Your Story Is You


The personal story forms

The personal story forms

Your story is you. The tale you tell yourself about yourself–fact AND fiction–becomes more and more you every time you tell it. The brain scarfs it up, converts it into chemical and electrical signals, and BANG! The story becomes organic memory which acts like a software driver. It is as much you as the meal just digested is right now. The Story is in every cell in every system of the body…and…and…and…

YOU CAN SHED IT LIKE HAIR.

Sure! Hair follicles naturally ditch hundreds of hairs every month. We now know from brain research that intelligence is not a set thing: people become more intelligent as they live. We know that human beings learn, grow and change throughout their entire lifespan. We know that a brain used regularly is a brain that stays alive. We already understand that the intention of human muscle is movement. Muscles, unlike machines that become less with use, become better and stronger with use. So it is with our brains. The richer our thought life; the more learning we do; the richer the branching (growth) of the nervous system in our brains becomes.

When we switch to a new personal story, the old, original story fades. The old story grows weak, become less real and eventually will be shed for lack of retelling. The new story replaces it and grows stronger upon the conscious decision to stamp it over the old one through retelling it at every opportunity. I have discovered two methods of stamping out and displacing old, worn-out stories: positive affirmations and vivid visualizations. Look at this from Mind Valley, a favorite website of mine, on the subject of creative visualization. Registration will enable you to enjoy more of its personal growth content should you want to explore more.

The stories we create and accept as real about ourselves are reinforced by retelling and the brain automatically makes sure it sticks.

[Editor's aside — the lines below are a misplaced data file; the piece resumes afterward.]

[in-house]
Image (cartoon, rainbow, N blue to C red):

Advertisements

On Writing For a Life


Pieter Claeszoon - Still Life with a Skull and...

Pieter Claeszoon – Still Life with a Skull and a Writing Quill (Photo credit: Wikipedia)

Writers are very special entrepreneurs. Unfortunately, writers learn late that there is a business side of their art because of a belief that art has nothing to do with business. In order to exist art has everything to do with business.

This is how I learned: I never pursued art. Art chased me and Art has always loved me.

Believe me, I ran from writing for a living for years. Earlier in life, I was angry and envious of people who had abilities to excel in math and science. These people were all but worshiped in school as I was growing up. As a result of testing in the sixth grade, I was tracked into the non-academic track, relegated to remedial classes in math and told I would never be much more than a housewife.

In my strengths analysis (associated with the SAT’s) it was found that I had drama timing sense. I had spatial intelligence so that I could identify the three-dimensional outcomes of flattened shapes. I had color sense and a profound love for words. I had musical intelligence and,most pervasive of all, a deep need for periodic silence and solitude. Back then, introversion was something to be treated as a social malady and my talent mix does not usually lead to engineering.